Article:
I am a graduate student at the University of Miami working in the lab of Dr. Odelia Schwartz since the Fall of 2018. My main research interests are computational neuroscience, vision, and machine learning. Some central themes of my projects have included efficient coding, sparse coding, vector quantization methods, and information theory. My work is supported by a National Science Foundation (NSF) Graduate Research Fellowship.
I recieved a B.S. in computer science with a minor in mathematics from the University of Central Florida. During my time at UCF I joined the Evolutionary Complexity Research Group headed by Dr. Kenneth Stanley (co-founder of Geometric Intelligence). We worked on his newly-proposed Real-Time Autoencoder-Augmented Hebbian Network (RAAHN) algorithm for autonomous agent control. In 2016 I worked with Dr. R. Paul Wiegand of the Institute for Simulation and Training at UCF on brain-inspired image compression. During the summer of 2017 I worked at the Princeton Neuroscience Institute in the lab of Dr. Jonathan Pillow on hierarchical and non-negative sparse coding.
Joshua A. Bowren, Justin, K. Pugh, and Kenneth O. Stanley In: Proceedings of the Fifteenth International Conference on the Synthesis and Simulation of Living Systems (ALIFE XV). Cambridge, MA: MIT Press, 2016. 8 pages.
Sparse coding is a theory and method claiming the early visual system codes sensory input with only a few neurons in a population. The sparse coding method developed by Olshausen and Field (1996) seeks latent variables such that only few are needed to combine linearly to reconstruct some portion of sensory input. Sparse coding is typically used to learn an overcomplete representation (more latent variables than sensory input) due to this method having higher representational capacity. When sparse coding is applied to whitened natural image data (statistical dependencies reduced and variance normalized in all directions) basis functions that resemble the receptive fields of corticial simple cells are found (on the right). These basis functions can be modeled with the two-dimensional gabor filter, thus sparse coding is said to find gabor filters (sometimes referred to as edges).
The eye has certain cells that are able to transduce color in light waves. These cells, called cones, are sensitive to the persence or abscence of certain colors. The receptive field is the portion of what the cell can see, and is divided into two regions: the center and the surround. The center and surround are excited or inhibited by different colors, thus these colors act as opponents. These cells either detect red and green light, or blue and yellow light (Atick, Li, and Redlich, 1992). Other cells called rods are sensitive for light and dark information (we may think of a gray-scale representation). The function of the cones and rods seems to imply that the brain learns three channels to represent visual information: the luminance channel (black versus white) and two color difference channels (red versus green and blue versus yellow; Olshausen, 2014). The luminance channel has high resolution while the color difference channels are significantly downsampled (Olshausen, 2014). The figure on the right depicts a similar representation, but with different color opponents (blue versus yellow and red versus yellow). This method was used early in color televisions mostly because it was more efficient than sending RGB information (Olshausen, 2014). RGB information would require three times the information, while the low resolution color difference channels save significant space.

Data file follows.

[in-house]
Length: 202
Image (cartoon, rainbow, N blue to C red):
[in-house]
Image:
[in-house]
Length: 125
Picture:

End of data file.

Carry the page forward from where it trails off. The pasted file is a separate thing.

Introduced by Pugh, Soltoggio, and Stanley (2014), the Real-Time Autoencoder-Augmented Hebbian Network (RAAHN) algorithm combines an autoencoder with a Hebbian neural network into a single neural network where the autoencoder encodes the raw input for use by the Hebbian component. Pugh, Soltoggio, and Stanley (2014) showed that a RAAHN-controled simulated agent can learn a control policy and avoid detours in a two dimensional domain when using an inital autopilot phase (keeping the agent on the correct path for a certain amount of time). RAAHN uses what is called a "history buffer" to save experiences in a memory to train its autoencoder in a real-time context. Pugh, Soltoggio and Stanley used a history buffer that saved its experiences in a queue. When the queue reaches capacity it deletes the oldest experience to make room for the current experience.
My research consists of advancing RAAHN. I developed an agent simulator (shown on the right) similar to that used by Pugh, Soltoggio, and Stanley, and used the simulator to test a new type of history buffer called a "novelty buffer." A novelty buffer saves the experiences that are the most different (novel) from each other. Along with Pugh and Stanley, I found RAAHN to be able to navigate a two dimensional domain without the autopilot that was needed in previous research. We also found RAAHN to perform better than pure Hebbian learning when the sensory data is highly active.